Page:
Analysis: The second intifada, a spontaneous act that shocked Israelis and Palestinians

Guest Ed PostOn the 20th anniversary of the outbreak of the second intifada (October 2000), the debate arises again in Israel as to whether the Palestinian move was an initiative of Chairman Arafat and the Palestinian Authority or whether it was a spontaneous evolution on the Palestinian side that largely surprised not only Israel but also the Palestinians.

One opinion in Israel states that the intifada was the result of an initiative by the head of the Palestinian Authority, Yasser Arafat, and that Israeli intelligence knew about it in advance and warned Prime Minister Ehud Barak, who did not listen. This opinion was expressed in the memoirs of Maj. Gen. Res. Amos Gilad, formerly the head of the research division in the Israeli Military Intelligence (IMI) and former Israel Defense Forces (IDF) chief of staff, Lieutenant Gen. Res. Moshe (Boogie) Ya’alon. However, the picture presented by the two former IDF senior personalities seem to be wrong, and in this article, I’ll present another view showing that actually, the IMI (which is responsible for Israel’s national intelligence estimates), contrary to its allegation, failed to predict the Palestinian moves and did not warn the IDF and the Prime Minister to prepare for the intifada.

The different and probably correct opinion has been argued by the ISA (Israel Security Agency, known also as Shabak or the Shin Bet) former managing directors at the time, who discussed the event very openly and presented a clear conclusion: namely that Palestinian Authority Chairman Arafat did not initiate the intifada but was as much surprised by it as was Israel. The source of the views presented by ISA leaders is the book The Gatekeepers (in Hebrew) by David Moreh (2014), in which six former ISA leaders were interviewed. Among other things, the book raised the question of how the second intifada broke out. It is important to mention that there is no doubt in Israel that the ISA is the organization that has the best intelligence on the Palestinian territories.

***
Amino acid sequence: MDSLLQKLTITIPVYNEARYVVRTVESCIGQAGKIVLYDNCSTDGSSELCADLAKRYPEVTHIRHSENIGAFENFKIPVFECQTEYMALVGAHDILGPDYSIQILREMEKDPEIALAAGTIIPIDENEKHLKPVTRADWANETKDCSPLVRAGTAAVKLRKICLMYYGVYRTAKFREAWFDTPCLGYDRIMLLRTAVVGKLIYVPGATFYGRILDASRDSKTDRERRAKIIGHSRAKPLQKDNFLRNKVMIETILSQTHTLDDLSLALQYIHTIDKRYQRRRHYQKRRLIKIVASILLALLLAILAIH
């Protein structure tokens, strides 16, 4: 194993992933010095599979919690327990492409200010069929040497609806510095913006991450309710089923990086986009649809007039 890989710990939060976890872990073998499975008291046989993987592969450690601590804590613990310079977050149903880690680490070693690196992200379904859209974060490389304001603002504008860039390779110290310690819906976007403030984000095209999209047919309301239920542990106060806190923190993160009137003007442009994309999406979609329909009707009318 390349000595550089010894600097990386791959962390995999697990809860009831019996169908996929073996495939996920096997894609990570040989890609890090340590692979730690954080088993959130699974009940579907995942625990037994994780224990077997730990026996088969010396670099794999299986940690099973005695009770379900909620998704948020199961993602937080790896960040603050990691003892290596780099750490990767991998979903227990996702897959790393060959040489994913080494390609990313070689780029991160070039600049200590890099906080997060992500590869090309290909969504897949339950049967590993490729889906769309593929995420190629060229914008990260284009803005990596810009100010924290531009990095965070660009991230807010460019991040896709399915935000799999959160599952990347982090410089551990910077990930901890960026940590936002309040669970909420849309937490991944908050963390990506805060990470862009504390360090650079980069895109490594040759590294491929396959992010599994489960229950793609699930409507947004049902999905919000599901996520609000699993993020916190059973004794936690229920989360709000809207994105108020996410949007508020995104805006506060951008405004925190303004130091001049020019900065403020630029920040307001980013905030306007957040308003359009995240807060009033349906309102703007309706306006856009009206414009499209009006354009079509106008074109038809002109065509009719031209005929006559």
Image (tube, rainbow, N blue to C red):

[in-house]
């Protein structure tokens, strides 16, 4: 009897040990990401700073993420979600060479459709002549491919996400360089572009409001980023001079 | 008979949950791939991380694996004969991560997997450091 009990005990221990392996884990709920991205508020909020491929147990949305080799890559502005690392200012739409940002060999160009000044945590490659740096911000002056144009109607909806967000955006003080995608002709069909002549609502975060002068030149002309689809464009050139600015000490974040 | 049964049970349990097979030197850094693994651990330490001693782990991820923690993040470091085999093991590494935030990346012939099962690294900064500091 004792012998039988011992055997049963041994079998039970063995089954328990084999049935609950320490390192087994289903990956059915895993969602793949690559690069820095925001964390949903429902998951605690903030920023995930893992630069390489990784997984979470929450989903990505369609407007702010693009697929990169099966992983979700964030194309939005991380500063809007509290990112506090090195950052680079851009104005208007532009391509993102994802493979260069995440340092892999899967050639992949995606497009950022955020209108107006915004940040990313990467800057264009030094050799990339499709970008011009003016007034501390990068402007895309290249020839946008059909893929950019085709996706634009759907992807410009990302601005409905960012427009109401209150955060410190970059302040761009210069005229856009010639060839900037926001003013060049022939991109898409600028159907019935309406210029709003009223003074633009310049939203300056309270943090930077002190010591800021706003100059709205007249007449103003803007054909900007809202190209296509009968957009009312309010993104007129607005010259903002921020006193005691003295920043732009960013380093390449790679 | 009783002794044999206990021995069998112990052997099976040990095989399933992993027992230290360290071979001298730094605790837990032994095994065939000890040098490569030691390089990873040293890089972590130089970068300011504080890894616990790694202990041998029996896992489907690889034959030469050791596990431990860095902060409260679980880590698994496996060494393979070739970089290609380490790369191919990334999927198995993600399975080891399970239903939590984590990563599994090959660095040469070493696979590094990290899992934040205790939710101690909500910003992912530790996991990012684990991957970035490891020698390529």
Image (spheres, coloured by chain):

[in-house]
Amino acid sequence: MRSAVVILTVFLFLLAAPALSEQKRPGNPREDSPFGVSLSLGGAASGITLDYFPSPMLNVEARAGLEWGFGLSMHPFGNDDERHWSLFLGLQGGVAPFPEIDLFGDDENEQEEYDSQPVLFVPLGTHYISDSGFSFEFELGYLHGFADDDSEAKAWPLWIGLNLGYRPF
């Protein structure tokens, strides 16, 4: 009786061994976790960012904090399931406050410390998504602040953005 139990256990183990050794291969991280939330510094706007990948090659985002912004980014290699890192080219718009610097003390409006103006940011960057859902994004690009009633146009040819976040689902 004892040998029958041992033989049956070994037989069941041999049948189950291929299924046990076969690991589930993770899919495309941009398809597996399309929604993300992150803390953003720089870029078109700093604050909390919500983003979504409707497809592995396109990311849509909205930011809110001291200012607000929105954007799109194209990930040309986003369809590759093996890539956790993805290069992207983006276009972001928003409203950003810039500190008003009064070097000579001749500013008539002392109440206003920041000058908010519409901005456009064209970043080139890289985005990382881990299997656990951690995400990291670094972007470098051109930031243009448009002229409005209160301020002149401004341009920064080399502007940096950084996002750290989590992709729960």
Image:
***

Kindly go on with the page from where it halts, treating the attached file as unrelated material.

Avi Dichter, who was the head of ISA at the outbreak of the intifada, said in this context (p. 263): “I do not recognize the intelligence materials beyond the reality that existed, indicative signs that Q Quote 1they are heading towards an intifada. The Palestinians did not know that an intifada was going to break out”. Yuval Diskin, who was Dichter’s deputy at the time, says (pages 263,264): “The atmosphere in the Palestinian public, as well as in Israel to a large extent, was that we were going to an inevitable confrontation. I do not know if you remember the media at that time. Everyone prepared for the intifada, prophesied and the prophecy came true […] there were also incidents in Joseph’s tomb. This time the IDF decided that it would be prepared for an eruption. “No one thought we would enter here for five, six, or seven years of suicide bombings and such a large cycle of bloodshed”, according to Dichter.

His deputy, Diskin, went on to talk about internal processes in Judea and Samaria that created unrest against Chairman Arafat, and said: “On the eve of the second intifada there were elections in Judea and Samaria and [Marwan] Barghouti won. Arafat turned the election around because Barghouti was an oppositionist. Barghouti led the intifada and not Arafat”. Diskin notes that, “contrary to what experts say, Arafat did not drive the intifada. He rode the wave later. The Fatah youths started the riots and Arafat was surprised in the early stages by what was happening on the streets. He even tried, not with all his might, to stop the events in the first weeks, at some point he decided to join them and rode the wave in a very nice way”.